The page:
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In re Marriage of Badawiyeh.

2023 COA 4. No. 22CA0174. Dissolution of Marriage—Uniform Child Abduction Prevention Act—Factors to Determine Abduction Risk.

January 12, 2023

Father petitioned for dissolution of marriage. During an evidentiary hearing, mother expressed concern about the children traveling internationally with father, saying she had some fears he might not bring the children back. After taking evidence, the district court found, among other things, that father and the children had Jordanian and US passports; father had relatives in the United Arab Emirates (UAE), which is not a signatory to the Hague Convention; and during the marriage, the family traveled regularly to the UAE. The district court issued permanent orders allowing father and the children to travel internationally every year during the children’s winter break, subject to requirements that father (1) surrender the children’s US and Jordanian passports to a neutral third party who could release them before travel; and (2) post a $50,000 bond with the court naming mother as the beneficiary before an overseas trip, as security for his return with the children. Father unsuccessfully moved for post-trial relief.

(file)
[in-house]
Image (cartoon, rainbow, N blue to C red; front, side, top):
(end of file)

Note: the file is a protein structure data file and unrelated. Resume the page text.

On appeal, father contended that the district court erred by imposing abduction prevention measures under the Uniform Child Abduction Prevention Act (UCAPA) without first finding that there was a credible risk that he would abduct the children. A district court may not impose abduction prevention measures under the UCAPA without first finding that the parent presents a credible abduction risk and evaluating all of the CRS § 14-13.5-107(1) factors. Here, the district court failed to specifically find that father posed a credible risk of abducting the children. Instead, it relied almost entirely on the UAE’s status as a nonsignatory to the Hague Convention and mother’s concerns as a basis for imposing the abduction prevention measures. Accordingly, the district court erred.

The portion of the permanent orders regarding father’s foreign travel restrictions was reversed and the case was remanded for reconsideration.

Official Colorado Court of Appeals proceedings can be found at the Colorado Court of Appeals website.

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